In addition to achieving true economies of scale in software procurement efforts, many jurisdictions are fast-tracking the procurement process for a new land management solution to escape an outdated and untenable licensing model. One common and particularly archaic model scales the active user pricing for citizen portal access based on population bands, thereby penalizing larger jurisdictions.
Another particularly prohibitive licensing model charges user access for each individual module within a much larger system architecture, creating a corresponding increase in licensing, support AND maintenance costs. Such policies unnecessarily confine technology utility within an organization preventing ease of access during absences, vacations or peak operational cycles.
Modern SaaS solutions steadfastly avoid such punitive usage models, and should your jurisdiction find itself hamstrung by an unsustainable licensing model carried over from a previous generation legacy solution, this can form the foundation for a solid business case for system replacement going forward.
One of the most obvious and visible budget wins is the operational efficiencies achieved following implementation of automated, citizen-centric land management services. The replacement of outdated service desk processes with interactive citizen portals greatly reduces submission errors and permit throughput times while also facilitating a quicker more collaborative citizen experience and improved data integrity across the breadth of the organization. Moreover, the elimination of in-person visits and paper-centric processes creates numerous positive environmental impacts reducing the overall carbon footprint and reinforcing the public perception of your agency as an innovation leader delivering new and improved opportunities for automation-led digital transformation and citizen engagement.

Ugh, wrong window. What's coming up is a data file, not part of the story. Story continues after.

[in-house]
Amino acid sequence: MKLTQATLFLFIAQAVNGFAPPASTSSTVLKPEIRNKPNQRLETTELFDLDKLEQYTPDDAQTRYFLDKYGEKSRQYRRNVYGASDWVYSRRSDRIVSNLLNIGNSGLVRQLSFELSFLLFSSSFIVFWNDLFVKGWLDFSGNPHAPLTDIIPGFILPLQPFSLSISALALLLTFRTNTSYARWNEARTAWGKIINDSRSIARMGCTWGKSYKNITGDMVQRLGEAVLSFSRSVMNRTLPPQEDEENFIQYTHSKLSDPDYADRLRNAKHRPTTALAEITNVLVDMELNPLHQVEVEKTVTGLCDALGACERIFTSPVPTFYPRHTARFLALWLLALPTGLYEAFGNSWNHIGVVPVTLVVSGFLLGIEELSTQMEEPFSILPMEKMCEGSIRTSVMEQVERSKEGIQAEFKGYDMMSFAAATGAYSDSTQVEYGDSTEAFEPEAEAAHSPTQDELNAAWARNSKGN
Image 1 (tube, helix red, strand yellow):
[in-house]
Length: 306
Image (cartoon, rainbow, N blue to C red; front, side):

A major shift is underway within regulatory agencies towards a risk-centric operating model in which technology becomes a central strategic asset for identifying and assessing level of risk and for understanding where an agency can best focus its limited resources and funds for maximum public safety benefit and efficiency. Government agencies are under increasing pressure to do more with less. Limited resourcing – especially in the areas of inspections and enforcement – means agencies must find ways to identify and focus most on problem areas, while releasing highly compliant, lower-risk operators to a higher level of trust with less routine scrutiny.
Modern land management systems, such as POSSE LMS, include an ability to create and apply algorithm-based “Risk Assessment Program” (or “RAP”) paradigms to your business so that staff can quickly assess at any given time where inspections and enforcement efforts should be focused. Further automation can be used to manage frequency of inspections cycles on Inspectors’ To Do List workloads as those RAP indicators change over time for each operator. Similarly, automation can also be leveraged to “auto-approve” low-risk permits, licenses, and other approvals without any need whatsoever for staff intervention and oversight, thereby elevating staff time for more important functions.
As a number of recent studies confirm, expediting the land development and review process not only speeds the time to market for entrepreneurial businesses that play a vital role in the economic growth engine, but an expedited development process also fundamentally improves the availability of affordable local housing. With affordable housing projects disproportionally impacted by escalating costs associated with regulatory delays (due to the smaller profit margins of such projects), a protracted development and review cycle inevitably results in fewer affordable housing units being built (Source).
Faced with this challenge, shorter turnaround times for development approvals have now become a key metric for consideration by government leaders keen to address the nationwide issue of affordable housing stocks in their communities.
For jurisdictions frustrated with an underperforming or end-of-life P&I system, the above summary should prove helpful in helping to build a business case that includes both cost elimination factors and viable budget efficiencies into your overall budget considerations. As you consider your options on these fronts, it is important to note however that the long-term cost efficiency and sustainability of your chosen software solution will be directly impacted by the operational model of your chosen solution provider. In the next part of this series, we’ll examine the two predominant operational models and how each will impact the lifecycle of your system—to help you identify which vendor model provides the ideal product fit and optimal return on investment for your specific agency requirements.